“[After Newsom’s orders,] they immediately told us, ‘We’re not shutting down because your county says so,’ but it’s still a small enclosed space,” said a Lululemon employee at a second outdoor mall in Southern California. “As soon as you enter a door to a store you’re in the same kind of space. We have one entry and one exit.”
“We shouldn’t be open right now,” the employee said.
In response to inquiries about why outdoor malls were allowed to remain open, a spokesperson for the California Department of Public Health cited its general COVID-19 guidance, referencing evidence that transmission risk is “exacerbated in indoor spaces particularly when lacking appropriate ventilation.”
Health experts say ventilation is key in limiting the transmission of the coronavirus, as studies have shown that aerosols can remain suspended in the air indoors for several hours, Dean Winslow, an infectious disease physician at Stanford Health Care, told BuzzFeed News.
But Winslow said he could see no difference between an indoor mall and an indoor store.
“My personal opinion is that there is not a lot of difference in terms of risk being in a store in an indoor mall versus outdoor mall,” he said. “Us healthcare workers are on the front lines, but we have PPE and things like that. Folks working in retail and public transportation are every bit if not more on the front lines.”
Presented with a detailed list of the concerns from the half a dozen employees who spoke with BuzzFeed News, a Lululemon spokesperson provided the following statement for this story: “We adjust our operations based upon the guidelines within each state and jurisdiction, including in California. As the situation within the state continues to evolve, we will adjust every step of the way.”
Another unpredictable variable that retail employees have had to contend with are the customers who enter their stores. Lululemon employees who spoke with BuzzFeed News said they’ve had to face angry shoppers who refuse to wear masks and who downplay — or outright deny — the existence of COVID-19.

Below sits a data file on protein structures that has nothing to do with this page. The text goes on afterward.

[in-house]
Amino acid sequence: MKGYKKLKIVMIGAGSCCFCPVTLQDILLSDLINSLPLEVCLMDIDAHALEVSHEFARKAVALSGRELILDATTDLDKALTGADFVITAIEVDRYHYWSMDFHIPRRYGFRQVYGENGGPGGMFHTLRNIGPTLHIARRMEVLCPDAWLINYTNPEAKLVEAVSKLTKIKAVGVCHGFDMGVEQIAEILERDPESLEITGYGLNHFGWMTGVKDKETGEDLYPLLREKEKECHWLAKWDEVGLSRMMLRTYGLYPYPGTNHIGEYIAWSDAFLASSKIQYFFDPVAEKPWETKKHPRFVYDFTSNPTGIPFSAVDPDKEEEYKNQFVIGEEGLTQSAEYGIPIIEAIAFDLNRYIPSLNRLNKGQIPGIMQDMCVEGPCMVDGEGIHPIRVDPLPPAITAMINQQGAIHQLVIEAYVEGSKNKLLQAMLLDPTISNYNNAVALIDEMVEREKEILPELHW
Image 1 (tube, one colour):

“We’ve had customers come in and say, ‘I just had COVID. It wasn’t that bad. You seem pretty healthy. I hope you actually get it and get it over with,’” the second Lululemon Grove employee said. “Customers break the 6-foot barrier constantly. I have to have the ‘Can you please put your mask over your nose?’ conversation every shift.”
California issued an order broadly requiring face masks in public on June 18, but included no guidelines as to who was responsible for enforcing the mandate, leaving individual jurisdictions and businesses to decide how they enforce the order. Some cities, such as West Hollywood and Santa Monica, have instituted fines for those caught not wearing masks in public. Though the Grove required masks two days before the state did so, Lululemon employees at that mall said they were only allowed to “kindly suggest” that guests wear masks.
According to California’s state retail guidance, face coverings are required for employees but “businesses that are open to the public should be cognizant of the exemptions to wearing face coverings” and “may not exclude any member of the public for not wearing a face covering if that person is complying with the guidance.” By comparison, New York requires that businesses must refuse entry if a customer is not wearing a mask, so long as the refusal is not discriminatory.
Lululemon has created a “director of first impressions” role, essentially an outdoor greeter designed to remind guests to socially distance and wear masks before they enter the store, but employees said that until recently they were not allowed to deny service to customers who refused to wear masks or were hostile toward staff. “My store is in an area that is predominantly conservative, white, very pro-cop, anti-BLM, ‘this virus isn’t real’ mentality,” said the Lululemon employee at the second Southern California outdoor mall. “It’s not possible to keep 6 feet of distance because you get these aggressive people; they just don’t listen. You can’t ask them to leave. We don’t feel supported.”